How a tech glitch ruined hundreds of lives … and what the Church of England is learning in the aftermath.
In recent weeks, Britain has seen an outpouring of anger at what has been described as one of the greatest miscarriages of justice in its history: the Post Office scandal.
Over more than a decade, hundreds of local businesspeople were prosecuted on the basis of a faulty IT system, and the government has just recently begun to right its wrongs. A TV dramatization of the saga aired last month has generated further outrage and empathy for the innocent victims.
And because the Post Office’s former CEO happened to be a member of the clergy, the Church of England is also trying to learn lessons from the scandal.
What is the Post Office scandal?
Between 1999 and 2015, 736 people running local post offices (“sub-postmasters”) were prosecuted for false accounting, theft, and fraud, based on information from an online accounting system called Horizon. Hundreds went to prison. Families were left bankrupt, marriages collapsed, and lives were ruined.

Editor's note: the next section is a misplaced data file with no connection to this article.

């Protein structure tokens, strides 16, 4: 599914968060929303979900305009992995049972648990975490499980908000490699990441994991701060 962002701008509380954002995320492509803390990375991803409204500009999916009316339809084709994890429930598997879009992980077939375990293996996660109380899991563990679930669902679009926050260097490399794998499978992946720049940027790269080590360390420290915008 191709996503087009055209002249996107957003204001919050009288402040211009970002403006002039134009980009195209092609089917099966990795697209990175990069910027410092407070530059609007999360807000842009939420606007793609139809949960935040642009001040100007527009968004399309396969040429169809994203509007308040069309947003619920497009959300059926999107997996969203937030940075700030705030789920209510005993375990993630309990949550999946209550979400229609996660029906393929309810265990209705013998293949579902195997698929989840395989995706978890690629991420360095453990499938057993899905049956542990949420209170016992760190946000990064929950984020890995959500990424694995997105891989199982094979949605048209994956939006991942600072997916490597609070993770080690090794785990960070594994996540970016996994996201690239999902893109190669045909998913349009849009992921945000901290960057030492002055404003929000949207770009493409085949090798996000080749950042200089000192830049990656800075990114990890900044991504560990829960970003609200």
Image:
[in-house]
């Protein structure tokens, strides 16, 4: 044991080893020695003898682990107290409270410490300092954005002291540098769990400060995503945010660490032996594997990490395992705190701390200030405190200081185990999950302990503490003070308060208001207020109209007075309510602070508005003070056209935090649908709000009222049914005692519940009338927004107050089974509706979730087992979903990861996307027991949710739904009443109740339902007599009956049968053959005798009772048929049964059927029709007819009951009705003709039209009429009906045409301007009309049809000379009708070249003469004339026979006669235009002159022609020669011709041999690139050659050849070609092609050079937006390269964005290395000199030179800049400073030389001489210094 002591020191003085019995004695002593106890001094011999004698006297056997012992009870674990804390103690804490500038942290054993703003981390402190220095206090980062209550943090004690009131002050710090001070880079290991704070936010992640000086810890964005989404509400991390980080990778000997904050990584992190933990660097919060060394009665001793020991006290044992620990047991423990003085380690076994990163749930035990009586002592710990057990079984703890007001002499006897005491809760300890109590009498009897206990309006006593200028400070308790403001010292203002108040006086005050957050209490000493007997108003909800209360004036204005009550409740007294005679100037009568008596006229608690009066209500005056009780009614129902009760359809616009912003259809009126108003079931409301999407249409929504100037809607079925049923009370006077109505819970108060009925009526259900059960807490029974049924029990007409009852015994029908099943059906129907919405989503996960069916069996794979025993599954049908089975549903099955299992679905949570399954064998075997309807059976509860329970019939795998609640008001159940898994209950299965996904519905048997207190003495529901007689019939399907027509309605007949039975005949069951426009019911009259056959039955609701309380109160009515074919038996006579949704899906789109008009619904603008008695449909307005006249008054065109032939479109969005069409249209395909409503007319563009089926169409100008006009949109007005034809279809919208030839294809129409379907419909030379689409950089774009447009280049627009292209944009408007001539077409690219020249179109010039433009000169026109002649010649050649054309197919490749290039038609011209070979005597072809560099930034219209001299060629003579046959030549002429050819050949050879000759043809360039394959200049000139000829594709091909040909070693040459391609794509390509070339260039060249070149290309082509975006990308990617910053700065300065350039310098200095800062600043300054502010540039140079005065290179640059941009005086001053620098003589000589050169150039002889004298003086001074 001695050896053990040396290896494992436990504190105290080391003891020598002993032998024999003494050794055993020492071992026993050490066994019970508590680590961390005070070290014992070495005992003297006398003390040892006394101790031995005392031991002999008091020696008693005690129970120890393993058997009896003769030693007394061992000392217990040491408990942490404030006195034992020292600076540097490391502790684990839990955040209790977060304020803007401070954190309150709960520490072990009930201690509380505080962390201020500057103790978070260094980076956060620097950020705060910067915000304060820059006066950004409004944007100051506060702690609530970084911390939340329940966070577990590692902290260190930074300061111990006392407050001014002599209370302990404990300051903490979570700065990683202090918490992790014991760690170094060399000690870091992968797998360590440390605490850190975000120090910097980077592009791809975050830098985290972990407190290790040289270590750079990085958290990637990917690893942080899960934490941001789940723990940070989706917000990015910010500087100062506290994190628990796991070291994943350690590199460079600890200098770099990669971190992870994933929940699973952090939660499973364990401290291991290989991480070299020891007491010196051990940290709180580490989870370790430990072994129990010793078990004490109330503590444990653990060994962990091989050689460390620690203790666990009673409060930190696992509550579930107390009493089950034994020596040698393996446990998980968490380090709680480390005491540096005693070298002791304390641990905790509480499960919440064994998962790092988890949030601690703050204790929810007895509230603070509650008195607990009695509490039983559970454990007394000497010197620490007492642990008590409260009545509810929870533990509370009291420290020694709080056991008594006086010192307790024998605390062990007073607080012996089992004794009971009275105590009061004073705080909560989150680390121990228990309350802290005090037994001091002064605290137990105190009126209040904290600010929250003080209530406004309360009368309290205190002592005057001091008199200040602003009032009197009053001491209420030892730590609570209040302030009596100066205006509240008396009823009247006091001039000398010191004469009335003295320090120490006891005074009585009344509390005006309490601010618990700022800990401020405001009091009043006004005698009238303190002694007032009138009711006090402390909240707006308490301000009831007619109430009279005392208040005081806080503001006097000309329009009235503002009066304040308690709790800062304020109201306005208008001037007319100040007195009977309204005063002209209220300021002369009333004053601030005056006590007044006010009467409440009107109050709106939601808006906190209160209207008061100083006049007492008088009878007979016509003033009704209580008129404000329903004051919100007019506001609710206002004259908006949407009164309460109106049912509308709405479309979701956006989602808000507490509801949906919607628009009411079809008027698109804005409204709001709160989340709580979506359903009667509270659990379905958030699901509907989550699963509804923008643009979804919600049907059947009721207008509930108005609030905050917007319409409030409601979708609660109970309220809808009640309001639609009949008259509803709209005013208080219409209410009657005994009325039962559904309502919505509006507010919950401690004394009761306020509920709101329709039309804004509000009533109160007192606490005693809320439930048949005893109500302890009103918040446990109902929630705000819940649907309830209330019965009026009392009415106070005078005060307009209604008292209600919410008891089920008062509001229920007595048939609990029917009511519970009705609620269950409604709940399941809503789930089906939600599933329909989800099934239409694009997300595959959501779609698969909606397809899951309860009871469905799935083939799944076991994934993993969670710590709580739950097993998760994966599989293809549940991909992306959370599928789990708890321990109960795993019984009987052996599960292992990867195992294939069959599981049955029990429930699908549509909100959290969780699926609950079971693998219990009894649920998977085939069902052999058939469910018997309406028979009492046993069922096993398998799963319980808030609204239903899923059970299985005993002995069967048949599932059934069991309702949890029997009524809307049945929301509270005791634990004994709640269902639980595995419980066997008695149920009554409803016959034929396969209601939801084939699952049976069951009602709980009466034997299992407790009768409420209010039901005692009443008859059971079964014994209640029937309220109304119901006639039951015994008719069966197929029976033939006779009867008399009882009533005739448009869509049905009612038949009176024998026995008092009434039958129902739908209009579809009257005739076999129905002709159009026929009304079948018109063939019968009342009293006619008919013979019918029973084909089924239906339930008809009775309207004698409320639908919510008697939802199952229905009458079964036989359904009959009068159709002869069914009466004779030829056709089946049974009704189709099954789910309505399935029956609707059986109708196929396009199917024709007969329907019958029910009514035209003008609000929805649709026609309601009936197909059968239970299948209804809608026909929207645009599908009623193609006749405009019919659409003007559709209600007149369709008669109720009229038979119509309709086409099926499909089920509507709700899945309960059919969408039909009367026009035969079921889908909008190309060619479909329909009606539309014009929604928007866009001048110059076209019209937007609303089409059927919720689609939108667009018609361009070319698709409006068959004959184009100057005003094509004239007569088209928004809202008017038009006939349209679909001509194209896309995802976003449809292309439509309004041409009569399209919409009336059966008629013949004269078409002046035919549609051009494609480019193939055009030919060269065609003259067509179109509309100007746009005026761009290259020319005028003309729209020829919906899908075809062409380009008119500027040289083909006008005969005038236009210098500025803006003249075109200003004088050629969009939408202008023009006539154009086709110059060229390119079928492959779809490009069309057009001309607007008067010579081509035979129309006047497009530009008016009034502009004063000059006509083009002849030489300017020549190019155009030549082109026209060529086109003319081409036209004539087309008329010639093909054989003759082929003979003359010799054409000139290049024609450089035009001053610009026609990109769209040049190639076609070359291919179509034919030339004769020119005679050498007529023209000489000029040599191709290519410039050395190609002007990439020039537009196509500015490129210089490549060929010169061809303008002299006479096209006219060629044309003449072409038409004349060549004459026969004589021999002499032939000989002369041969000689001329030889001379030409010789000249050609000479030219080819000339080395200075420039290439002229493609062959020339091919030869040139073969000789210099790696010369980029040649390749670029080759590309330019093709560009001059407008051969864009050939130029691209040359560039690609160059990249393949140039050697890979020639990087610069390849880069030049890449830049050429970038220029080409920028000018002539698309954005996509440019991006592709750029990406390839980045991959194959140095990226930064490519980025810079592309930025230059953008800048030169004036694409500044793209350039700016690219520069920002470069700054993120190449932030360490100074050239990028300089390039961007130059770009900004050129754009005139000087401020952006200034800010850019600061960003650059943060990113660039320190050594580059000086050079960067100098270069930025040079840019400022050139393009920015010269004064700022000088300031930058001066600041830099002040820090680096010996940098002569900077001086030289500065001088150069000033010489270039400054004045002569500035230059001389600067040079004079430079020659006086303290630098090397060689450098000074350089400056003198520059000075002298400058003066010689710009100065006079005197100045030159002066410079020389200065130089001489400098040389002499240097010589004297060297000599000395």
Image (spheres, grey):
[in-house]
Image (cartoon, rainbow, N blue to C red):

Sub-postmasters had raised concerns about Horizon and the shortfalls it reported, and eventually 550 of them brought a group legal action. The Post Office agreed in 2019 to pay out £58 million ($73 million) but didn’t admit liability. In 2021, the Court of Appeal ruled that “the failures of investigation and disclosure were … so egregious as to make the prosecution of any of the ‘Horizon cases’ an affront to the conscience of the court.”
A public inquiry is now underway to determine what went wrong. Although media first exposed the scandal, a recent TV miniseries, Mr Bates vs The Post Office, has sparked outrage among a much wider public.
What is the Post Office?
More than a mail service, the Post Office is an institution that is part …